If you want searing aliveness
there is no safe route.
There is no safety.
You don’t believe it.
See for yourself.
Just around the bend, past
the bog if you’re not sucked in
turn into the darkest tangle.
Follow the barely heard call.
Sometimes it will seem
the singer is beside you —
or ahead — or behind
— or inside.
Keep going.~ Geneen Marie Haugen
Dear Springhouse community,
I like poems that ask us to be brave. I read this poem from Geneen this week to our staff, and in our adult program. The whole poem, Trail Sign, is well worth a read.
There are many other stories that speak to what Geneen is speaking to here. Michael Meade says turn toward the roar. Jesus moved toward the person in the pool who was sick and most avoided. The Sufi poet Rumi tells us to not turn our gaze away from the bandaged place, and the poet Rilke wonders if our dragons might be princesses after all. They all tell us it is worth it to move toward the “tangle”, as Geneen puts it. These stories and poems are important in a culture designed to run away from the dragon. We design it that way, and we can design it differently.
To create a culture that takes care of Life, we have to move toward the tangled places. When I was in Alabama last fall I heard Bryan Stevenson, the Executive Director of the Equal Justice Initiative, invite us to get proximate to pain. Get closer to injustice. When we do, we can better understand it. This is true when I face my own tangles, and when we face them as the Springhouse community. Running is not the answer.
Springhouse is a community of culture builders. We know that culture is built slowly through education, through the curriculum we live and teach, one person at a time. We know that culture is also built quickly, through the sharing of stories and media of all kinds. We would like to get bolder when it comes to sharing the message that Life is a gift and it is up to us to care for it. For culture to sustain, we need networks of authentic and deep relationships. With these three things–education, media, and networking– we build a culture that takes care of Life. This is what Springhouse is here for. To live differently, more aligned with Life itself, and to build culture.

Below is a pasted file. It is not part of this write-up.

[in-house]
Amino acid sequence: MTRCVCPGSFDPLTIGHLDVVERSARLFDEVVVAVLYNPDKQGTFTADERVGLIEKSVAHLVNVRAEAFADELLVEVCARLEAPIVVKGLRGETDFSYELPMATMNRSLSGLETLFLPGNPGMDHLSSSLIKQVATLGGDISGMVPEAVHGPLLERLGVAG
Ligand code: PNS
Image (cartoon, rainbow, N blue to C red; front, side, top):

If we are going to build a culture that takes care of Life, it is our responsibility to regularly point toward where Life is not being cared for in our world. It is even more important to stay as close as we can to it–in our curriculum, the media we share, and through our Sourced Design Network. We need to stay close to it, in the trips we take, the apprenticeships we offer, and what we learn. To build culture, the teens and adults who participate in this school, need to leave it knowing how to build an example of life giving culture that can inspire and guide others; they need to have a good sense of themselves; and they need to be very aware of the injustices we currently face in this world. Our deepest commitment is this: Teens and adults who leave Springhouse will be able to build generative culture wherever they are. This is our deepest hope and what we strive for.
When Bryan Stevenson came into the room in Montgomery, Alabama I cried. This man has been at some of the most difficult and dangerous work he could do since the 80s. He is now getting a lot of notoriety, but he did it when he wasn’t noticed. He did it when he was ignored, resisted, and opposed. I am so inspired by those who stay close to injustice, not to save the world, but to do what is right. I have been having lunch with a teen every Tuesday. As Executive Director, I don’t spend a lot of time with the teens. I teach in the adult program and mentor and work closely with the staff. I am meeting with this teen because he asked me to meet, and because I love listening to him. He tells me what he is struggling with, and what brings him alive. This keeps me close to our mission and to our vision. If our vision is to live in a world where all life thrives, everything we do should keep us close to injustice, and to the magic and beauty of Life and how it works.
We have a long way to go from our vision, but visions are like North Stars, they aren’t meant to be touched. Like Martin Luther King, Jr. said in his final sermon, he did not fear, he could see the promised land, even though he knew he wouldn’t get there; not while on this planet at least. I am grateful to those who walked before us, who carved out some steps that we can care for and continue to carve, and trust that those younger will walk on them. At Springhouse, we can be sure of it. We believe in our alumni and their capacity to build the culture we envision. We will continue to do everything we can to teach them by living what we teach as best we can, and persisting no matter what; like Bryan, Dr. King, and many others.
Thank you for carving the steps with us. There is much to be grateful for.